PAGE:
Borgata Awarded $10.1 Million in Damages in Phil Ivey ‘Edge Sorting’ Lawsuit

Updated: December 19th, 2016 by Dev Ops

New Jersey’s Borgata Hotel Casino & Spa has been awarded $10.13 million as a result of its summary-judgment legal victory over professional gambler Phil Ivey and a co-defendant in a lawsuit that traces its roots back to 2012, when Ivey and his gambling partner, Cheung Yin Sun, turned an illicit $9.6 million profit at the Borgata’s mini-baccarat tables over the span of four separate visits to the Atlantic City casino that year.

phil-iveyThe opinion awarding the $10.13 million in damages to the Borgata was signed on Thursday by the case’s presiding judge, US District Court Judge Noel L. Hillman.  It was Hillman who ruled in late October that Ivey and Sun breached their implied contract with the Borgata to abide by New Jersey’s gambling codes, which according to Hillman barred the type of “edge sorting” scheme that Ivey and Sun employed.  The pair’s edge-sorting scheme allowed them to identify the first card dealt in a hand with increasing certainty, and thus gain a probabilistic edge in the game.

The decision, according to Judge Hillman’s opinion (which became available online today), was intended to force the return of the $9.626 million originally won by Ivey, thus making the casino whole.  Hillman noted that since Ivey’s and Sun’s scheme effectively changed the rules of the game, there was no ongoing contractual obligation between the pair and the casino once the original conditions and odds of the game had been breached.  The edge-sorting scheme transformed the Borgata’s mini-baccarat game, in which the house normally had an edge of a little over 1%, into a game where the odds favored Ivey (the official player) by as much as 16% in a given hand and situation.

The additional $504,000 awarded to the Borgata was the amount that Ivey won at the casino’s high-stakes craps tables during his July, 2012 visit, the third of Ivey’s four trips with Sun to the casino that year.  Ivey and Sun also admitted to using the same scheme in other casinos, in Las Vegas, Canada, Australia, and London.  Ivey sued London’s Crockfords Casino over a $12 million win later in 2012 that the casino refused to pay.  Crockfords has triumphed against Ivey in all rulings in that case to date, though the final decision is still subject to appeal.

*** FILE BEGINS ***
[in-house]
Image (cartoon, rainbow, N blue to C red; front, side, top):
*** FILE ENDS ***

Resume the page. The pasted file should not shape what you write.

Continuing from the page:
An appellate procedure is also still a possibility in the New Jersey case.  As a side story to the damages assessed against Ivey and “Kelly” Sun, Judge Hillman also dismissed the Borgata’s claim against Kansas City-based Gemaco, which manufactured the cards used in the scheme.  Sun was able to identify minor print variations in the cards’ back designs, which allowed her and Ivey to implement their scheme.  Gemaco acknowledged no wrongdoing and asserted the cards were well within accepted industry standards.  Gemaco also filed a counterclaim against the Borgata, which Judge Hillman dismissed as well.

Wrote Judge Hillman, “The goal of contract law is to put the injured party in as good a position as if performance had been rendered, and a party who breaches a contract is liable for all of the natural and probable consequences of the breach of that contract.”

In his conclusion, Hillman also wrote, “As we previously found, by their own design, Ivey and Sun played games at Borgata that violated important provisions of the CCA and thereby breached their agreement with the casino. They must disgorge the benefit they received as a direct result of the breached contract, and nothing more, and restore the parties to the status quo ante.”

As bad as the $10.13 million judgment is for Ivey, Sun, and Sun’s backer, it could have been worse.  Judge Hillman declined to award the Borgata an additional $250,000 the casino sought as compensation for comps the casino gave to Ivey and Sun during the four 2012 visits.  The Borgata was also denied a claim for another $5.4 million in “expectation damages,” which represented the amount that the casino believed it would have won had all the high-stakes hands played by Ivey — more than 1,800 hands, at up to $100,000 — been conducted with the game’s normal, slight house edge.  However, it is highly unlikely that Ivey would’ve played that many hands had his secret edge not been in place.  Hillman, in denying that part of the claim, described the expectation damages as “too speculative” in spite of a statistical analysis the casino provided.

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